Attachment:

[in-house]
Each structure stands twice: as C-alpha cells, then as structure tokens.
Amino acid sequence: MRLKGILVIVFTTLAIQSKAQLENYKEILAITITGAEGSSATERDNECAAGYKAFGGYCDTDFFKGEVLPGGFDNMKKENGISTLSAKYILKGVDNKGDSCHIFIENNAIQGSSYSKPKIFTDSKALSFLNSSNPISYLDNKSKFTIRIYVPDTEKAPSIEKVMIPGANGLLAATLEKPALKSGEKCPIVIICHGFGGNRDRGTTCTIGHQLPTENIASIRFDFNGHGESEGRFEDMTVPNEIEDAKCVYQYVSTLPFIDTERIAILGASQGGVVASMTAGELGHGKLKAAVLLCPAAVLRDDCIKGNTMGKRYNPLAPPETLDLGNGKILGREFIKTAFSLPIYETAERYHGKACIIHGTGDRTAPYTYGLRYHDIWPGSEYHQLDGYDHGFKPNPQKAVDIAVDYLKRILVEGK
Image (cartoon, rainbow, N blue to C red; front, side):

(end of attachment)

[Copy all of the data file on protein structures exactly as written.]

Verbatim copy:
[in-house]
Each structure stands twice: as C-alpha cells, then as structure tokens.
Amino acid sequence: MRLKGILVIVFTTLAIQSKAQLENYKEILAITITGAEGSSATERDNECAAGYKAFGGYCDTDFFKGEVLPGGFDNMKKENGISTLSAKYILKGVDNKGDSCHIFIENNAIQGSSYSKPKIFTDSKALSFLNSSNPISYLDNKSKFTIRIYVPDTEKAPSIEKVMIPGANGLLAATLEKPALKSGEKCPIVIICHGFGGNRDRGTTCTIGHQLPTENIASIRFDFNGHGESEGRFEDMTVPNEIEDAKCVYQYVSTLPFIDTERIAILGASQGGVVASMTAGELGHGKLKAAVLLCPAAVLRDDCIKGNTMGKRYNPLAPPETLDLGNGKILGREFIKTAFSLPIYETAERYHGKACIIHGTGDRTAPYTYGLRYHDIWPGSEYHQLDGYDHGFKPNPQKAVDIAVDYLKRILVEGK
Image (cartoon, rainbow, N blue to C red; front, side):